Dynamics of complex fluids: [GPN,MS] is technologically important, involving processes with rich chaotic dynamics. The application of the general theory of mappings and flows to experiments on mixing of highly viscous fluids has been notably successful [?]. Current theoretical and experimental investigations aim at the understanding of transport in complex fluids [?]. Much of naturally occurring and industrial mixing takes place in shear flows of fluids of slight viscosity, in which transport is mediated by localized structures [?].
Dynamics of thin films and interfaces: [GPN,MS] GT research on the growth of solid films, contributing to our understanding of morphological instabilities of interfaces in crystal growth [?], and the closely related problems of the dynamics of ? [?], is a prime example of a successful cross-departmental collaboration based on co-advising of graduate students.
The interdisciplinary nature of the Center offers excellent opportunities in selected areas of biology and biophysics. Our combined effort in this area brings together researchers from several Georgia Tech units (biology, physics, mathematics, and biomedical engineering departments) as well as Emory Universitys School of Medicine. Ongoing work spans the range from the subcellular level to single cell, inter-neuronal, and whole-brain levels. The research projects share a common theme, that the phenomena involve complex, often chaotic and/or stochastic, dynamics. In all areas described below, we have both experimental and theoretical components.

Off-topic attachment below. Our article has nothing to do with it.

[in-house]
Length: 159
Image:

(3a) Interplay of Nonlinearity and Noise.
The combination of
stochasticity and nonlinear dynamics can lead to important physical and
biological effects. One such effect we are studying is rectified Brownian
motion and its significance for molecular motors [RF], for example in
kinesin motion along microtubules. A larger issue is that rectified
Brownian motion potentially provides a unified mechanism for a great many
basic cellular processes, whereby metabolic Gibbs free energy can be
converted into mechanical work. [RF]
Another fundamental noise driven effect is stochastic resonance, in which
detection of weak signals is enhanced by the presence of noise. In
collaboration with experiments at Carleton College, we are testing the
hypothesis that stochastic resonance plays a functional role in hearing at
level of single hair cells. In vitro experiments show that SR occurs at
noise levels comparable to the inherent Brownian motion of hair bundles in
vivo. If confirmed, the hypothesis would resolve a longstanding mystery
of why many animals (including humans) have two different types of hair
cells, in terms of their different responses to noise. [KW]
Noise also plays a critical role in neocortical interactions.
Neocortical data obtained from experiments on rats serve as the basis for
a biologically relevant mesoscopic neural network model. Exact results
can be obtained for noise driven binary interactions; the robustness of
certain dynamical properties allow us to extrapolate to more complex types
of interactions. This approach fills a gap between detailed biophysical
simulations which cannot make rigorous global predictions and a
generalized models which allow exact statements but on a level of
description remote from biology. [LB]
(3b) Bioinformatics, Biomedical engineering (WD, Borodovsky), Biology
(Dusenbery, Wartel), Biophysics (RF):
Analysis of bioinformatics data,